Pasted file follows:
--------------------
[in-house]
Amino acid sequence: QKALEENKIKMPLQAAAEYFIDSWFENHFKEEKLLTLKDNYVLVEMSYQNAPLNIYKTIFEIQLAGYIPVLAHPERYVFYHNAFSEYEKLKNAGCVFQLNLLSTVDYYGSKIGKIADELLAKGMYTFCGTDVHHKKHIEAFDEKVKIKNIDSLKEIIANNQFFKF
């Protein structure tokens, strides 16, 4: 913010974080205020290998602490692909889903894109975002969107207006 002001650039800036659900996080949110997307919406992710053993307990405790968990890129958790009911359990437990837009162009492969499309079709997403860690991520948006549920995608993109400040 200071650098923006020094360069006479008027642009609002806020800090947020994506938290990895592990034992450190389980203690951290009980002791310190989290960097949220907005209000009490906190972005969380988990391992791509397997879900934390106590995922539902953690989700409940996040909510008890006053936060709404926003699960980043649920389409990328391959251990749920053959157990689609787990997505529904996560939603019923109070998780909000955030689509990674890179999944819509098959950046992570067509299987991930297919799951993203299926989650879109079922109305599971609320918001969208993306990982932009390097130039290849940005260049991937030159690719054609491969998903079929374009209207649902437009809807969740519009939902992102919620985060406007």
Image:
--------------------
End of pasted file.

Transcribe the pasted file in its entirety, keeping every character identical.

[in-house]
Amino acid sequence: QKALEENKIKMPLQAAAEYFIDSWFENHFKEEKLLTLKDNYVLVEMSYQNAPLNIYKTIFEIQLAGYIPVLAHPERYVFYHNAFSEYEKLKNAGCVFQLNLLSTVDYYGSKIGKIADELLAKGMYTFCGTDVHHKKHIEAFDEKVKIKNIDSLKEIIANNQFFKF
């Protein structure tokens, strides 16, 4: 913010974080205020290998602490692909889903894109975002969107207006 002001650039800036659900996080949110997307919406992710053993307990405790968990890129958790009911359990437990837009162009492969499309079709997403860690991520948006549920995608993109400040 200071650098923006020094360069006479008027642009609002806020800090947020994506938290990895592990034992450190389980203690951290009980002791310190989290960097949220907005209000009490906190972005969380988990391992791509397997879900934390106590995922539902953690989700409940996040909510008890006053936060709404926003699960980043649920389409990328391959251990749920053959157990689609787990997505529904996560939603019923109070998780909000955030689509990674890179999944819509098959950046992570067509299987991930297919799951993203299926989650879109079922109305599971609320918001969208993306990982932009390097130039290849940005260049991937030159690719054609491969998903079929374009209207649902437009809807969740519009939902992102919620985060406007």
Image: